The only downside is that this film - this photography - deserves the big screen, but most people will now see it on the small. This is such a shame. Its deserved so much more.

miclarke 1 February 2021

Some nice performances here and the set-up for a great narrative about archaeology in pre-war Britain and the role that regular citizens played in scientific exploration, but something goes awry along the way. The second half of the film focuses on several plotlines that simply did not even exist in the first half of the movie. Something was clearly done here after the first draft of the screenplay. Were sections cut? Were characters added to "spice it up"? We may never know, but the final product feels awkward though it's no fault of the cast here.

Instant_Palmer 29 January 2021

'The Dig' is a beautifully photographed period film (circa 1939, Suffolk, Great Britain) that seemed a lock to garner first Oscars for Ralph Fiennes (*overdue) and Cinematographer Mike Eley. Therefore, I'm instituting the 1st Annual "Oscar Snub Award" to the film most undeservedly left out of nominations. This year it was a no brainer - 'The Dig' wins and it wasn't close. So on with my original review B. S. ("Before Snub")...

Metaphors supporting Themes abound in 'The Dig' - "life is fleeting", "the search for meaning in our lives", "our relevance in History", and "is this all there is". Classic themes for dramas that are the eternal questions within our lives. The film intertwines those themes within the central characters, each conducting their own search for answers.

The framework of the story occurs on the eve of WWII for Great Britain. The impending gravity of such hovers over the film, intensifying the characters' emotions and urgency in searching for answers to such questions - the telescope and magnifying glass used within the story serve as metaphors to that end. Collapsing walls of the dig site that almost takes Basil Brown's life illustrate the tenuous fragility of life which could end in a moment of randomness. There are many more such examples in 'The Dig'.

Such poetic filmmaking takes painstaking attention to detail in production to pull off at the level achieved in this film. Utilizing the beautiful cinematography of Mike Eley and deft touch of Film Editor Jon Harris, Director Simon Stone succeeds in elevating the The Dig to an elite level of film art.

This is without question the Best Picture of the Year, and I am thankful this beautiful film came in at the last possible minute to save an otherwise (and understandable) blah year in the film industry.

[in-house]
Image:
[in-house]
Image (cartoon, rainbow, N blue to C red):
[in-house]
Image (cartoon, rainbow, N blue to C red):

Director Simon Stone's Oscar nomination for both Director and Best Picture is a virtual certainty.

Ralph Fiennes (Basil Brown) never misses (except taking home an Oscar), but I predict he will FINALLY* be recognized by Academy members en masse for his best of the year acting in this film, along with Mike Eley for Cinematography.

Carey Mulligan (Edith Pretty) should be nominated except she has two Oscar worthy films, both with a deserved good chance to take home an Oscar. Her spotlight lead part in 'A Promising Young Woman' has much more Oscar potential which will negate her role in The Dig - Mulligan should get Actress of the Year for putting forth two such great performances in one year!

At the end of the night (Oscar night), 'The Dig' could sweep up wins in the aforementioned major Oscar categories for 2020 - I certainly wouldn't bet against it happening (EDIT: Boy was I wrong 😑), and In terms of total Oscar nominations, this film sets up as the front contender for 2020. Then again, it could be a dodgy awards year - competition of last minute entries (is it going to get to the point where releases occur the day before the voting deadline?), and above-the-norm "agendas" abound in the industry these days [EDIT: Boy, was I correct about this (I am sorry to say)].

While the ensemble cast is highly competent, I don't see a particular supporting role having enough "spotlight momentum" to break-out and win an Oscar, although Lily James (Peggy Piggott) is a long-shot.

If there was one weak point in the film, it would be the digression